Night Flying Around Storms & Dinner in Greenville, SC
Updated: Sep 10, 2020
Dinner-and-a-flight has become a new way for us to stay in regular contact with our adult children who live "relatively" close to us. Well, as far as nautical miles go. Three of our four adult children and their significant others live within a 90 minute flight (one way) from us. This makes it possible to fly in, have them pick us up, have dinner and fly home.
Last night we flew to Greenville, SC and enjoyed a fun evening with our son and his fiancée. We got our South Carolina on at Stellas Southern Bistro https://www.stellasbistro.com. We're talking catfish, grits, pickled okra and pimento cheese. An excellent meal and wonderful conversation.
And now, a word from the pilot about the flight home.
Some thoughts on night flying
Night flying introduces extra concerns that either don’t exist or are at least less of a concern during day flights: basic control of the airplane (“which way is up?”), navigation (“where are we, and where are we going?”), finding emergency landing sites (how many open fields have lights to make them easy to see?), and vision challenges (night vision is affected by even slight reductions in oxygen typical at flight altitudes), just to name a few. With a single engine airplane, it’s also natural to be more aware of even the slightest change in engine sound or feel at night, knowing that if the “fan up front” stops, the options are more limited than during daytime.
The route from Greenville, SC, to our home base. https://flightaware.com/live/flight/N539SR/history/20200903/0045Z/KGMU/KJVY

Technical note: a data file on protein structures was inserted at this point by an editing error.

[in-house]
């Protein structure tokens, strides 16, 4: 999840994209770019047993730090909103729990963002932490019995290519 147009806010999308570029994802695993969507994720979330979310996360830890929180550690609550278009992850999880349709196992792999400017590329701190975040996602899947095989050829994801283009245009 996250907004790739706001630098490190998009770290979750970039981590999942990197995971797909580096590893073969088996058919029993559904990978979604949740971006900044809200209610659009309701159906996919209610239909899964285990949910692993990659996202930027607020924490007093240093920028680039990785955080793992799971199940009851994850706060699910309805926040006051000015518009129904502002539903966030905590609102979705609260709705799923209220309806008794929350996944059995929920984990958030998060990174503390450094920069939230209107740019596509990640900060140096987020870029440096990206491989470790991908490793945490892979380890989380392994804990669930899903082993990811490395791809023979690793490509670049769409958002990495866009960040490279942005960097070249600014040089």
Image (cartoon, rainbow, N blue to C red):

Most safety-conscious pilots consider night flying to be as challenging as IMC (instrument meteorological conditions; a.k.a. clouds) since it’s fairly common to have no visible horizon, or even worse, a false horizon caused by the hon-horizontal alignment of various lights visible below, if any are even visible. The “cure” is knowing how to fly by reference only to the instruments, and being able to ignore that seat-of-the-pants feeling of which way is up and trust the instruments.
The oft-stated safety mantra is “night, IMC, or mountains; pick one”. If you look at the route from Greenville, SC, to our home base just North of Louisville, KY, you can see we had to cross the Appalachian Mountains; some pretty rugged terrain. Not only that, but there was a line of light-to-moderate rain on the Northwest side of the mountains. For me, I reconcile that conflict of all three (night, IMC, and mountains) by knowing the airplane extremely well, including the avionics, and knowing that we have multiple data sources for nearly real-time weather information. We have both XM Radio aviation weather, and ADS-B weather in the plane, so I can cross-check these before and during flight to understand the movement of any showers and the rate at which they are getting stronger or weaker. In addition, we have a dual WAAS-enabled GPS navigation systems and a very capable autopilot to handle the mundane task of staying on course and altitude, so I can handle the route planning, radios, and the myriad other tasks involved. Had any of those many systems indicated any problem, we would have either stayed on the ground, or diverted to the nearest airport.
The airplane and systems onboard don’t know it’s dark outside; they only know the aerodynamics involved and to do what the pilot has told the systems to do. The smart pilot knows the options for dealing with the unexpected are more limited at night than during the day. Knowing and managing the associated risks is part of every flight, day or night.
One last point to make: our airplane is a Cirrus, and like every Cirrus airplane it has a whole airplane parachute. I hope we never have a need for it, but knowing that if the navigation systems and the autopilot, and even me (the pilot) all fail, my wife knows how to activate the ‘chute. That’s nice to have as a last resort risk mitigation tool.